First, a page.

Tim Huffaker 2017

Successful people are driven in their pursuit of a dream, a cause, a purpose, a belief or truth.  Success has never been easy and in most cases involves challenges, discouragement and failure before becoming a reality. 

Salespeople are no different in their quest for success. Often, it is the discouragement or setback that makes you resolute in your objective.  “Success is not found in never falling, but in rising every time you fall.”  You should anticipate, and even welcome, challenges or failures on the road to achieving your purpose, because they will surely come.  Write this sentence down and put it where you can read it every day. You can quote me on this statement; “Successful people meet trials head-on, not with resentment, but with resolve.”

I have listed brief sketches on a dozen people who faced challenges, trials, discouragement and failure in the pursuit of their dreams.  Failure almost seems to be a rite of passage for successful people. Imagine what the world would be, had these people abandoned their aim in the face of opposition.  Be persistent and steadfast as you endure the challenges you will surely face in pursuit of your sales and personal objectives.

Henry Ford: While Ford is known today for his innovative assembly line and American-made cars, he wasn't an instant success. In fact, his early businesses failed and left him broke five times before he founded the successful Ford Motor Company.


Steve Jobs: Apple, the most profitable company in the world, would have never achieved its current success had Steve Jobs not pursued his vision of changing the world.  He was purged from the company he co-founded, humiliated and scorned for his vision. In the eyes of Silicon Valley, he had failed. Jobs used the experience to hone his skills and strengthen his resolve to achieve his dream.


Soichiro Honda: The billion-dollar Honda Company began with a series of failures and unfortunate turns of luck. Soichiro Honda was turned down by Toyota Motor Corporation after interviewing for a job as an engineer, leaving him jobless for some time. He started making scooters at home, and with the encouragement of family and friends, finally started his own business.


Akio Morita: You may not have heard of Morita but you've undoubtedly heard of his company, Sony. Sony's first product was a rice cooker that unfortunately didn't cook rice as well as it burned it.  Selling fewer than 100 units, the product was a failure. This first setback didn't stop Morita and his partners as they pushed forward to create a multi-billion-dollar company.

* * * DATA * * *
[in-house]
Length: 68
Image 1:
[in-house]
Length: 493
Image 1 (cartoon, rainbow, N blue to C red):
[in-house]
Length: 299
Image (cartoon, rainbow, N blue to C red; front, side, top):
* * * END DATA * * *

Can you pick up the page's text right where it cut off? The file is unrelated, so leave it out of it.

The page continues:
Bill Gates: Gates didn't seem like a shoe-in for success after dropping out of Harvard and starting a failed first business with Microsoft co-founder Paul Allen called Traf-O-Data. While his first company failed miserably, his second company Microsoft, has impacted the lives of almost everyone in the modern world.


Harland David Sanders: Perhaps better known as Colonel Sanders of Kentucky Fried Chicken fame, Sanders had a hard time selling his chicken at first. In fact, his famous secret chicken recipe was rejected 1,009 times before a restaurant in Salt Lake City accepted it.


Walt Disney:  Today, Disney rakes in billions from merchandise, movies and theme parks around the world, but Walt Disney himself had a bit of a rough start.  As unbelievable as it seems, he was fired by a newspaper editor because he lacked imagination and had no good ideas. After that, Disney started a number of businesses that didn't last long and ended with bankruptcy and failure.  He kept plugging along, however, and eventually found a recipe for success.

Thomas Edison: In his early years, teachers told Edison he was "too stupid to learn anything". Work was no better, as he was fired from his first two jobs for not being productive enough. Even as an inventor, Edison made 1,000 unsuccessful attempts at inventing the light bulb. Of course, all those unsuccessful attempts finally resulted in the design that worked.

Abraham Lincoln: While today he is remembered as one of the greatest leaders of our nation, Lincoln's life wasn't so easy. In his youth he went to war as a captain and returned a private; Lincoln didn't stop failing there. He started numerous businesses that failed and was defeated in all but one election for public office.

Oprah Winfrey: Oprah is one of the most iconic faces on TV as well as one of the richest and most successful women in the world. Oprah faced a hard road enduring a rough and often abusive childhood as well as numerous career setbacks including being fired from her job as a television reporter because she was "unfit for TV".

  1. K. Rowling: Rowling may be rolling in a lot of Harry Potter dough today, but before she published the series of novels, she was nearly penniless, severely depressed, divorced, trying to raise a child on her own while attending school and writing a novel. Rowling went from depending on welfare to survive, to being one of the richest women in the world in a span of only five years through her hard work and determination.

Michael Jordan: Most people wouldn't believe that a man often lauded as the best basketball player of all time was actually cut from his high school basketball team. Luckily, Jordan didn't let this setback stop him from playing the game.  He is quoted as saying; "I have missed more than 9,000 shots in my career. I have lost almost 300 games. On 26 occasions I have been entrusted to take the game winning shot, and I missed. I have failed over and over and over again in my life and that is why I have been successful.”